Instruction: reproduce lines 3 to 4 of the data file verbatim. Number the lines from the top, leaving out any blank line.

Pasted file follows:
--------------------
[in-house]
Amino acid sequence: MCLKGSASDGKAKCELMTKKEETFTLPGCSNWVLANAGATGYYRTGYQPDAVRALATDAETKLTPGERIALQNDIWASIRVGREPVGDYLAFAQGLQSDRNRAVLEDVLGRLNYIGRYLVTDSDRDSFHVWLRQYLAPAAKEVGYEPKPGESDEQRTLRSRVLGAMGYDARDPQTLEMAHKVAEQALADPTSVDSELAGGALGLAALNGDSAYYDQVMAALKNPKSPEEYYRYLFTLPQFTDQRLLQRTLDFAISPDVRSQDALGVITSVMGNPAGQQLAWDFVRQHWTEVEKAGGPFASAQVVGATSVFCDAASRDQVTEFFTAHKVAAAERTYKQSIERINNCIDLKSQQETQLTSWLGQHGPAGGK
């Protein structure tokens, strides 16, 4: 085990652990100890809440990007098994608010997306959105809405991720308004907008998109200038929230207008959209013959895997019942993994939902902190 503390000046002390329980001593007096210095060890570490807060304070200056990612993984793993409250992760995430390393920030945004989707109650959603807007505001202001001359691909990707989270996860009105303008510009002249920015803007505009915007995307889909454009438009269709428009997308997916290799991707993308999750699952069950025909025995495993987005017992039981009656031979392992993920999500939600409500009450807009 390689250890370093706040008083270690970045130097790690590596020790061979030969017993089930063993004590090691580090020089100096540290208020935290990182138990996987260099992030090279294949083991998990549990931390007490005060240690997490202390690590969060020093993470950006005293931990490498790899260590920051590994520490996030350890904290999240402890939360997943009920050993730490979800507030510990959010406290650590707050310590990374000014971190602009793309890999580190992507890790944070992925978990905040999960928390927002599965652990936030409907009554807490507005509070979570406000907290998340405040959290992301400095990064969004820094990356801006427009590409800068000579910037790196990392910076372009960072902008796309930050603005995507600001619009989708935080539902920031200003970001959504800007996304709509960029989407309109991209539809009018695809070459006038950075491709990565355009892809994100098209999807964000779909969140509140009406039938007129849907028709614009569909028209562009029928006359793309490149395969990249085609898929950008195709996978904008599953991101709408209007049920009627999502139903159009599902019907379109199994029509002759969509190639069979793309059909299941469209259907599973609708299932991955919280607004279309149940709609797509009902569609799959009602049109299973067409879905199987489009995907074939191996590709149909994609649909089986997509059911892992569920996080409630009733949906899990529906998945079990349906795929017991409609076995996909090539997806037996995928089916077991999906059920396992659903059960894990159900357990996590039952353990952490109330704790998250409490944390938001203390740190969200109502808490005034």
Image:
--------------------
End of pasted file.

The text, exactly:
């Protein structure tokens, strides 16, 4: 085990652990100890809440990007098994608010997306959105809405991720308004907008998109200038929230207008959209013959895997019942993994939902902190 503390000046002390329980001593007096210095060890570490807060304070200056990612993984793993409250992760995430390393920030945004989707109650959603807007505001202001001359691909990707989270996860009105303008510009002249920015803007505009915007995307889909454009438009269709428009997308997916290799991707993308999750699952069950025909025995495993987005017992039981009656031979392992993920999500939600409500009450807009 390689250890370093706040008083270690970045130097790690590596020790061979030969017993089930063993004590090691580090020089100096540290208020935290990182138990996987260099992030090279294949083991998990549990931390007490005060240690997490202390690590969060020093993470950006005293931990490498790899260590920051590994520490996030350890904290999240402890939360997943009920050993730490979800507030510990959010406290650590707050310590990374000014971190602009793309890999580190992507890790944070992925978990905040999960928390927002599965652990936030409907009554807490507005509070979570406000907290998340405040959290992301400095990064969004820094990356801006427009590409800068000579910037790196990392910076372009960072902008796309930050603005995507600001619009989708935080539902920031200003970001959504800007996304709509960029989407309109991209539809009018695809070459006038950075491709990565355009892809994100098209999807964000779909969140509140009406039938007129849907028709614009569909028209562009029928006359793309490149395969990249085609898929950008195709996978904008599953991101709408209007049920009627999502139903159009599902019907379109199994029509002759969509190639069979793309059909299941469209259907599973609708299932991955919280607004279309149940709609797509009902569609799959009602049109299973067409879905199987489009995907074939191996590709149909994609649909089986997509059911892992569920996080409630009733949906899990529906998945079990349906795929017991409609076995996909090539997806037996995928089916077991999906059920396992659903059960894990159900357990996590039952353990952490109330704790998250409490944390938001203390740190969200109502808490005034």
Image: